LN – What are the “silent” violence that most affect children's health?

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From hyperexigence to little affection, they are some of the most naturalized types of aggressions in all social classes; they can have serious consequences on the physical and emotional health of children and adolescents

Manuela was 12 years old when, by letter, he sent her a
desperate request for help from her sister's psychologist: “I wanted to talk to you about my parents.
I feel they are very strict in the study, since failing is not an option. Once it happened to me that my teachers sent me a report on my performance and they only read me the bad things. They told me: 'There is a good part, but we will not read it to you'.
I got really bad, I cried at night thinking I was the worst daughter in the world and I didn't do anything right“.

Your case is not isolated and puts the consequences of
hyperexigence, one of the forms of aggression of parents against children that specialists consider more invisible and naturalized in all social classes. Psychological abuse, such as disqualifying a boy or girl telling him that it is “useless” or addressing them sarcastically with phrases such as “let's see how the weaker kicks”; the threats that promise to withdraw love or even leave them alone; Indifference and not being receptive to the affection of children, whether rejecting physical contact or the request to look at a drawing they made, are other examples.

Hyperexigence, psychological abuse, threats and indifference, are some forms of naturalized and everyday abuse

“Violence is any act capable of causing harm”, summarizes Guillermo Thomas, head of the Clinical Psychology area of ​​the Pediatric Mental Health service of the Italian Hospital of Buenos Aires. Until not so long ago, talking about abuse against children and adolescents meant, for most people, referring to those situations that often shock public opinion and involve physical as well as sexual aggression. However, pediatricians, psychiatrists and psychologists warn that
There are other types of “silent” and everyday violence that, although they do not leave marks on the body, impact on the psychic and physical health of children..

While these aggressions are not new, society began to identify them more frequently in recent times. Thomas stresses that these 'more subtle' or 'disguised' attitudes are not harmless at all and leave traces for a lifetime.

The figures show a phenomenon that alarms. The UNICEF report “Violence against children and adolescents in the home environment” shows how aggression in child discipline is most frequently present in households with children under 12 years of age, compared to those where there are teenagers. Some of the data thrown show how
63.3% of households with at least one child between 2 and 17 years old use verbal aggressions as a method of discipline; on the other hand, in 22.2% they are shaken or shaken, in 16.4% they are called dumb or stupid, and in 61.5% they are shouted at.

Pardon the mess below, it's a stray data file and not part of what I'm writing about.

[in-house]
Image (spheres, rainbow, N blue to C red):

Psychological abuse; the threats that promise to withdraw love or even leave them alone; indifference and not being receptive to the affection of children, whether rejecting physical contact or the request to look at a drawing, are some examples of aggressions against children
Psychological abuse; the threats that promise to withdraw love or even leave them alone; indifference and not being receptive to the affection of children, whether rejecting physical contact or the request to look at a drawing, are some examples of aggressions against children

Nora Fontana, a psychologist at the Parent Encounter Foundation, says that psychological violence is the most difficult for parents to perceive. “Adults are just learning these things, internalizing what it is about and they are surprised to learn that
not listening to the child, not standing up physically or psychologically according to the situation, is a type of violence; as well as not eating together, not communicating or underestimating them, it is emotional violence“says the specialist.

But there are many other everyday postcards that, for her, go unnoticed, such as leaving them alone at home or in the care of a little brother without being old enough to do so or spending hours in front of the TV. “Among the parents of the more affluent classes, these cases may not occur so much, but when we do the parenting workshops, other situations appear, such as not registering that when they go to sleep, the boys stay with the phone on and that is just as bad, “says the psychologist.

Many times parents overexpose the kids believing they are giving them the best for them.

Silvia Ongini, child and youth psychiatrist

Silvia Ongini, a child and youth psychiatrist at the Department of Pediatrics at the Hospital de Clínicas, explains that there are destructive forms of abuse that are wrapped in care and love. “Many times parents overexpose the kids thinking they are giving them the best for them. There is a book by psychologist Alice Miller called
For your own good: It is a phrase that is repeated and that is why this damage is very difficult for them to see, mark and accept, “he says.

Overflowing parents

For specialists, one of the keys to this profound disconnection between parents with their sons and daughters is that today society “is overwhelmed.”